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All Hollywood is in shock over the David-and-Goliath success of the Christian hit film I Can Only Imagine, with Dennis Quaid, 63, and Cloris Leachman, 91, which grossed $38 million in 10 days without a single screening for mainstream critics. The $7 million film beat the $100 million blockbusters Tomb Raider and A Wrinkle in Time (an adaptation of a Christian allegorical novel like Lord of the Rings or the Narnia books, but with the faith elements downplayed).
It's part of a huge, overlooked trend among moviegoers, which involves not just the faith community, but grownup filmgoers as a group. Christian film releases have tripled in the past five years, and the audience growth is driven by older audiences, according to industry trackers such as comScore. A movie study for AARP in 2017 found that viewers older than 50 make up 31 percent of all moviegoers over 14, see more movies than youngsters and dominate both Christian film audiences (56 percent) and art-film audiences (75 percent).
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These statistics fuel movie releases this Easter week. The faith film Paul, Apostle of Christ, with The Passion of the Christ star Jim Caviezel as Luke, joins I Can Only Imagine in the box office top 10; God’s Not Dead 3 opens March 30, hoping to match the first two films in the series, which grossed $81 million, and many will tune in to see Christian rock star Alice Cooper in Jesus Christ Superstar Live in Concert on NBC April 1.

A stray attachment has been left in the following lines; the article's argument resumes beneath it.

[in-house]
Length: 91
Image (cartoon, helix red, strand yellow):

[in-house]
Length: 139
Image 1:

I Can Only Imagine is about the making of the tune by that name, the most popular Christian song in history. It tells the story of songwriter Bart Millard and his father (Quaid’s role), a tormented relationship healed through faith. “Millard’s story is simultaneously relatable and optimistic,” wrote Variety after the film’s triumphant opening weekend. “The movie works for the same reason the song does: It lightens the burden of the pain people are shouldering today and gives them something to look forward to.”
It’s a great break for Leachman, who plays the songwriter’s grandmother. Leachman told AP reporter Lindsey Bahr that, though she’s an atheist, I Can Only Imagine creates a safe space for people of all views: “We all believe in something. I think it’s wonderful that they build a place where we can come and be there together.”
The Oscar-winning Leachman, who holds the record as the oldest Dancing With the Stars contestant and the top Emmy winner with eight (tied with Julia Louis-Dreyfus, 57), plans to keep expanding her own acting achievements. When the Hollywood Reporter recently asked Leachman if she planned to retire, she replied, "Oh, I think about it, but pfffftt!" (That meant no.) As she told Bahr, despite the fact that the roles she's offered are "tapering off," she said she will do more of them, noting, "This is what I do. I love it. I just love it. It's very exciting."